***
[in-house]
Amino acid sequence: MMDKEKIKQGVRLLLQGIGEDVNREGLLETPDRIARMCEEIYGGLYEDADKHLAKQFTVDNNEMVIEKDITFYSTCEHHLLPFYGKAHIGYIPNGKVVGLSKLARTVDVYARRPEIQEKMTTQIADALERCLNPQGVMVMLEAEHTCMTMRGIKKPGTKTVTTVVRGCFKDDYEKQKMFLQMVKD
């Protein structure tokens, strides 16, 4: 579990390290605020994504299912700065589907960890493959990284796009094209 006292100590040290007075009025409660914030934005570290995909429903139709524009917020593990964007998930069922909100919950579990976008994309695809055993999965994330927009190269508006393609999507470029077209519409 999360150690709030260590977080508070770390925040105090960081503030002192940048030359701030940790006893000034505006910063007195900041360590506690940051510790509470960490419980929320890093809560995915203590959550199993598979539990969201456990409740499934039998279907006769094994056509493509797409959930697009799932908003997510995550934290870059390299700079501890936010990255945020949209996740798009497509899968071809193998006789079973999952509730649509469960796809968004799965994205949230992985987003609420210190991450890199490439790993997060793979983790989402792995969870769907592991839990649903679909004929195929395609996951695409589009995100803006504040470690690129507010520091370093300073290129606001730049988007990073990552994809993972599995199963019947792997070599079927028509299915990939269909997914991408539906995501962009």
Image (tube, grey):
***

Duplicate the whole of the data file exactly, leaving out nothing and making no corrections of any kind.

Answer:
[in-house]
Amino acid sequence: MMDKEKIKQGVRLLLQGIGEDVNREGLLETPDRIARMCEEIYGGLYEDADKHLAKQFTVDNNEMVIEKDITFYSTCEHHLLPFYGKAHIGYIPNGKVVGLSKLARTVDVYARRPEIQEKMTTQIADALERCLNPQGVMVMLEAEHTCMTMRGIKKPGTKTVTTVVRGCFKDDYEKQKMFLQMVKD
């Protein structure tokens, strides 16, 4: 579990390290605020994504299912700065589907960890493959990284796009094209 006292100590040290007075009025409660914030934005570290995909429903139709524009917020593990964007998930069922909100919950579990976008994309695809055993999965994330927009190269508006393609999507470029077209519409 999360150690709030260590977080508070770390925040105090960081503030002192940048030359701030940790006893000034505006910063007195900041360590506690940051510790509470960490419980929320890093809560995915203590959550199993598979539990969201456990409740499934039998279907006769094994056509493509797409959930697009799932908003997510995550934290870059390299700079501890936010990255945020949209996740798009497509899968071809193998006789079973999952509730649509469960796809968004799965994205949230992985987003609420210190991450890199490439790993997060793979983790989402792995969870769907592991839990649903679909004929195929395609996951695409589009995100803006504040470690690129507010520091370093300073290129606001730049988007990073990552994809993972599995199963019947792997070599079927028509299915990939269909997914991408539906995501962009």
Image (tube, grey):